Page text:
COVID collision: Dow rallies as Trump, Democrats battle over stimulus package to shore up economy


In its way, this pitched battle over economic stimuli seems like a refreshing return to normalcy. Both Republicans and Democrats recognize that the economic shocks of the coronavirus outbreak will require some buffering, but the debate over the means and approach to do so has fallen mainly into a comfortable and perhaps even comforting pattern. Donald Trump and his advisers will meet today with Senate Republicans to pitch a package of tax holidays and paid leave to goose consumption and quell panic in the markets:

President Donald Trump and top economic officials will pitch wary Senate Republicans on a payroll tax cut and other policy proposals meant to ease the economic fallout of coronavirus during a closed-door lunch on Tuesday, two people briefed on the matter told CNN.

White House economic officials plan to lay out additional measures to try and arrest the economic pain stemming from the spread of the virus, including proposals to implement paid sick leave, deferral on tax collection on specific industries including airlines, cruise lines and hotels, and specific proposals to make small business loans more available and with flexible repayment options, according to the two people. …

There remain disagreements inside the White House over specific proposals — most notably the scope and scale of the payroll tax proposal, the people said.

But while Trump has made the payroll tax cut a focal point of the White House economic response, the administration’s top economic policy officials have started to focus more on the small and medium business loan elements of any proposal, as they have become keenly aware of the lack of demand that could lead to a credit crunch in the days and weeks ahead, one of the people said.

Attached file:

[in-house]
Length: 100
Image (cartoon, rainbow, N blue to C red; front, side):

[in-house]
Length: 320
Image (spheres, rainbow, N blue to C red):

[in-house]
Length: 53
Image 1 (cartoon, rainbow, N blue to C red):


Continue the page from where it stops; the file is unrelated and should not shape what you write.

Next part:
Normally, Democrats prefer the payroll-tax cut or holiday approach. This time, the Washington Post reports, they’re balking. Instead of tax cuts, they want paid leave and indemnification for insurers and health care providers:

“I don’t think we think that the payroll tax cut is what we need right now,” Hoyer said. “What the economy needs right now is some stability and confidence that we are addressing the issue that is undermining the economy. And I mean, the president’s answer for almost everything is a tax cut. We think we need to make sure that people in health facilities and insurance companies and others have confidence that they’re not going to be bankrupted by this and they’ll have some support of the government.”

Later in the day, House Speaker Nancy Pelosi (D-Calif.) and Senate Minority Leader Charles E. Schumer (D-N.Y.) went into more detail about the Democrats’ planned proposal. They said they would pursue legislation that provided free coronavirus testing for all Americans, paid leave for those affected by the epidemic, expanded food subsidies and an expansion of the federal unemployment insurance program.

Still, other senior Democrats said it was inevitable that Washington will have to step in with measures to stimulate the economy. “We’re going to reach that point,” said Sen. Richard J. Durbin (D-Ill.). “If we’re serious about this, we have to put all the cards on the table.”